To the English, forever hung up on their footballers’ sole World Cup win in 1966, the morning of November 22, 2003 offered a chance to exorcise a few dark demons. That morning, England finally won another major Trophy, this time Rugby World Cup in Australia, thus becoming the first northern hemisphere team to raise the Webb Ellis Cup. A well-oiled machine, England went into the Tournament as favourites and powered through to the Final in Sydney. Back home, more than 10 million tuned in to roar at their TV screens – a 2,100-megawatt surge at half time was the equivalent to 850,000 kettles being boiled at the same time. In a match of high drama and frayed nerves, England’s winning points were kicked with just 26 seconds of extra-time remaining, securing a deserved and historic 20-17 victory.


New records were being broken in 2007. In the literary world, the final Harry Potter instalment set a new record for the most copies sold in the first 24 hours (11 million). More impressive still, in Rugby, the sixth Rugby World Cup set a new record of its own with more than four billion TV viewers tuning in to the 48 matches. Holders England again reached the Final, watched back home by a TV audience of 17 million – the highest viewing figures for any programme in 2007. Sadly, the South Africa they met had received a pre-match pep-talk from Nelson Mandela, via video link, telling them they had made the nation proud by reaching the Final. Eighty minutes later they had made them prouder still, winning 15-6.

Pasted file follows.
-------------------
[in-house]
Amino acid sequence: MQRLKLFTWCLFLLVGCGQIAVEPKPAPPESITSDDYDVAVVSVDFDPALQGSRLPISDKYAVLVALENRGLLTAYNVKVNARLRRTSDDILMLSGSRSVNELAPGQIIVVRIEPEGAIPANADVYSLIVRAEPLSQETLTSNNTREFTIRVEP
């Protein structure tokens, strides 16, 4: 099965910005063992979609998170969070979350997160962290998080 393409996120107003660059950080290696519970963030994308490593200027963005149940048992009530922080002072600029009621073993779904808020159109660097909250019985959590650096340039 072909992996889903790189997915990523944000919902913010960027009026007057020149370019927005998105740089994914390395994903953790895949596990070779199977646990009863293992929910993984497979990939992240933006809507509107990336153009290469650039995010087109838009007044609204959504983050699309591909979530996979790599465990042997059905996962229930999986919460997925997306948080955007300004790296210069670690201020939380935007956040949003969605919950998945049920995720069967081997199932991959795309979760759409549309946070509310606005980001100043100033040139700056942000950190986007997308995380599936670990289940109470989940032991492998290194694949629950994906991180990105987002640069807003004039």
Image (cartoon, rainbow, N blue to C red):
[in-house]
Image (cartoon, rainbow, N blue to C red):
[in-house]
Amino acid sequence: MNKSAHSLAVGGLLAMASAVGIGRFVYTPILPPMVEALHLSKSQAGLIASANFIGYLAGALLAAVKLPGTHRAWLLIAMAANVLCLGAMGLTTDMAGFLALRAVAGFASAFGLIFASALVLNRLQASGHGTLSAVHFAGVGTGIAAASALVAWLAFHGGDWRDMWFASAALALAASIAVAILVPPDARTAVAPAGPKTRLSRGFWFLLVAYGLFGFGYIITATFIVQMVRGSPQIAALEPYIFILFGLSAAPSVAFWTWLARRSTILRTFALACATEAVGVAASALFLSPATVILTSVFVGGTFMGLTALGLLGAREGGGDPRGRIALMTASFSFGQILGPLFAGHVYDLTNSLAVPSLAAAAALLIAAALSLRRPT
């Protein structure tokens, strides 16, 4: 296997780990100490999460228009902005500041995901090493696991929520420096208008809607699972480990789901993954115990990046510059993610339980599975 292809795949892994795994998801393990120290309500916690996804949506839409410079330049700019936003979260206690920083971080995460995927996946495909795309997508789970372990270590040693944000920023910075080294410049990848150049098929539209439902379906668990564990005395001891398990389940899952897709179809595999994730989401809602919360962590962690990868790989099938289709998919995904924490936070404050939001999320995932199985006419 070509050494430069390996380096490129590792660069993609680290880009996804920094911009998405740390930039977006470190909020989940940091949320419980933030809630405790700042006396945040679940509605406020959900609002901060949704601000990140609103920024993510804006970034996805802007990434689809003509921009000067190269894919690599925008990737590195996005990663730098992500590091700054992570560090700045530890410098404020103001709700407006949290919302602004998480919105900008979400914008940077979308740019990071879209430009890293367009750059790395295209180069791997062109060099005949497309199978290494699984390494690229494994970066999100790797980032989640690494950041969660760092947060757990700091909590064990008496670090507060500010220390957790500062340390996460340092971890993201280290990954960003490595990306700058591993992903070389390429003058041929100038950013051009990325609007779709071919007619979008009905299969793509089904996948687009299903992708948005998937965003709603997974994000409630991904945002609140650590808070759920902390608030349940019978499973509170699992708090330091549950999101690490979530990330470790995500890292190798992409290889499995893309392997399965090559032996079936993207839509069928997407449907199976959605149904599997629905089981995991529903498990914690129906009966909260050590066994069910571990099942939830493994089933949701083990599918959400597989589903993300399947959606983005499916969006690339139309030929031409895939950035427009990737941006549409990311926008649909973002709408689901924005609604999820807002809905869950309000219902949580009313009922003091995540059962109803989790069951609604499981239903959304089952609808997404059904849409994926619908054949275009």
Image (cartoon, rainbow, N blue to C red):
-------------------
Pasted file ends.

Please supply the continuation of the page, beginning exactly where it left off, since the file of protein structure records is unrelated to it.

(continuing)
Tragedy rocked the host nation New Zealand in the run up to the 2011 Tournament, as earthquakes struck its second-largest city, Christchurch, claiming 185 lives in the process. The nation regrouped and when the Tournament finally kicked off, a sense of déjà vu kicked in. As in 1987, England went out in the quarter-finals. As in ’87, the same four nations contested the semi-finals. As in ’87, New Zealand faced France in the Final. And as in ’87, the Kiwis prevailed (8-7). Finally, their long wait for another Rugby World Cup was finally over.

2015: Looking Ahead

Since its inaugural Tournament in 1997, only four teams have won a Rugby World Cup. New Zealand’s win in 2011 took them level with Australia and South Africa on two wins each, one ahead of England. Now, England fans looking for omens might point out that it must be England’s turn to win again, which would pull them level on two titles. Alas, the reality is that six or seven other nations harbour genuine hopes of lifting the Trophy on October 31. Whatever the outcome and whoever finally prevails, it should be fascinating and spectacular in equal measure.